For the entire episode, all I could think was two things: "When is somebody going to get shot in the face?" and "How in the world is the show going to tie up all the loose ends in two episodes?" Of course, the theory of Chekov's gun states when a gun is introduced to begin a story, it will be used by the final act, and sure enough, we see plenty of guns in use here as "Big Love" produces an incredibly dense episode filled with even more plot developments and some action sequences that are strangely out of place for a show like this. But it all works, and it all comes down to the acting, which was as good as anything the show has done.
The Cara Lynn plot wasn't my favorite thing in the world at first, but my dislike for that plot was quickly replaced by Marge's Goji plot (which was just god-awful and completely pointless) and if I would've known that the payoff for Cara Lynn's plot would've been this episode, I would've been more patient. Chloe Sevigney gives some of her best work, if not her best work, in this episode. Despite me saying that she should be nominated for last week's episode, I change my mind: this episode should be her nomination tape. Nikki goes off the wall in her attempts to keep Cara Lynn pure and keep her away from Mr. Ivey. When she finally realizes what she's done to her daughter, her breakdown and Bill's attempts to put it back together are heart-wrenching.
Meanwhile, we have Ben, who's been a non-factor for half of the season, showing up again and giving some great scenes. I think Rhonda is a giant snake who screws everything up, and it's too bad that Rhonda and Ben's little one night stand had to be responsible for Heather leaving, but it created an interesting scenario: we get to see Ben pleading to have Heather back, only to realize that Ben is his father; his claim that he can be with both Heather and Rhonda was eerily like Bill, which is definitely not a good thing. Just look at how Bill's life is in shambles.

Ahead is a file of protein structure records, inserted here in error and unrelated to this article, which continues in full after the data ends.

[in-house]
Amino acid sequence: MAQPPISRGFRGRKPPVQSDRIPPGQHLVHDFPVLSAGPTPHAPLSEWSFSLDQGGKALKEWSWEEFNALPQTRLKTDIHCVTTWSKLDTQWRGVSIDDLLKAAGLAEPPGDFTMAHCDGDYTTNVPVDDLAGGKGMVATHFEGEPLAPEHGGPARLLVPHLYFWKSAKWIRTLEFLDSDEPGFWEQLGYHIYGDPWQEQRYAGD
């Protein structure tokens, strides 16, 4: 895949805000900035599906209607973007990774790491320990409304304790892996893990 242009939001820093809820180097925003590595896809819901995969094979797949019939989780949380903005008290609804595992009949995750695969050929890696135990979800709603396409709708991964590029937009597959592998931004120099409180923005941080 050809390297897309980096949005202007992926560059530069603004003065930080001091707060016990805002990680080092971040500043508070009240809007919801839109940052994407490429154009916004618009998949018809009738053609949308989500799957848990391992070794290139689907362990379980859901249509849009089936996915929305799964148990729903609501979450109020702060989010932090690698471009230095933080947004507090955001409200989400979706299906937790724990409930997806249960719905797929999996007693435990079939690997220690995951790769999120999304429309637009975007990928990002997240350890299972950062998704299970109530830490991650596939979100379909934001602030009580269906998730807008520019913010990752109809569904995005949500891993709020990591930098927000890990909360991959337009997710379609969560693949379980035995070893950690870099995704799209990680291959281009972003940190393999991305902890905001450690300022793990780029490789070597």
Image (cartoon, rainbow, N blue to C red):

All of those plots are fine and good, but I've been looking forward to Bill and Alby coming face to face, and while it wasn't nearly as insane as I would've thought at first, it certainly created two of the show's finest dramatic moments (in terms of action): Alby and Bill run into each other in a store where Barb ends up shooting Adalene. And finally, near the end of the episode, we see them come face to face again, this time armed with guns. There's one truly haunting moment where it appears Alby has shot Margene, but Bill gets his way and shoots Alby, leaving him alive for what should be an incredible finale face-off.
The show has so much ground to cover and I think this episode showed how strained the show has become to get everything finished up in time for a series finale. For instance, are we to see the end of Lois and Frank Henrickson? Lois' insistance that Frank kill her and he kill himself earlier in the season seems to be dangerously close to coming true, and I'm hoping we see some pay-off here. However, the acting and writing in this episode was just too good to overlook.